Copia, a new e-book platform, plans to take on the big players in the market by launching its own e-book store and a set of touchscreen e-readers. Copia also wants to combine numerous social networking features with its e-book platform and plans to sell its services to original equipment manufacturers (OEM). Copia's e-book store will offer over 250,000 books from over 1,500 publishers, as well as 1,400 newspapers and over 750,000 free books from Google Books.
Copia's private, limited-invitation beta will launch this month. The company plans to expand this beta in March.
Copia bills itself as a hybrid solution, as the company plans to offer both consumer-facing e-book solutions as well as an open platform for OEMs.
Focus on Social Networking Features
On the consumer side, Copia wants to differentiate itself from its competition by giving its users a number of social networking tools. Community profiles on Copia, for example, are linked to Facebook, Twitter and LinkedIn. In addition, the service will offer collaboration tools that are mostly geared towards students. Users can highlight and annotate books, for example, and share these annotations with other users. Copia will also implement a rating system for book reviews.
OEM's will be able to offer all of these features to their users as well. OEMs will also be able to integrate Copia's e-book store into their own devices.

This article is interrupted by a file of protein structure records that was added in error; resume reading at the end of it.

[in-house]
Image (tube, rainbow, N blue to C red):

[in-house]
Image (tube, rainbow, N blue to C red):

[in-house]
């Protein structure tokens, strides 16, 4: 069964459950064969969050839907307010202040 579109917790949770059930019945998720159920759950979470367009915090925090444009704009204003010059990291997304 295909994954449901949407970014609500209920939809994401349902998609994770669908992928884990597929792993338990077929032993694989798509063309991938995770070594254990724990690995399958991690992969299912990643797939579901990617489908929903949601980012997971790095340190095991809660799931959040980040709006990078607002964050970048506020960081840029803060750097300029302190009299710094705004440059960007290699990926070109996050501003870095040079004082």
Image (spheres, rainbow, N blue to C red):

Copia's E-Readers: Ocean and Tidal
Copia plans to offer six different e-readers with prices ranging from $199 to $299. The Tidal will offer a six-inch ePaper display and the Ocean will come in a basic six-inch version and two advanced versions with a nine-inch screens. Both of these models will come in three different variations. The most basic models will not offer any wireless connectivity besides Wi-Fi and won't offer a touchscreen. The intermediate models offer touchscreens, and the high-end versions will offer touchscreens and 3G connectivity. All models come with tilt sensors and 4GB of internal memory.
These devices will go on sale on Copia's site in April.
Can This Work?
We still have a lot of questions about Copia. We don't know at what price the company plans to sell books and what DRM-solution Copia plans to implement. At the same time, though, the company's plan to sell both e-books and compatible e-readers looks a lot like Amazon's strategy and there can be no doubt that Amazon has been quite successful with this model. Copia, however, doesn't have any name recognition yet and the e-book market is currently dominated by big companies like Amazon, B&N and Sony. If Copia is successful in getting enough OEM partners, though, it could establish itself as another major player in the market. The company's e-reader lineup also looks like a potential winner.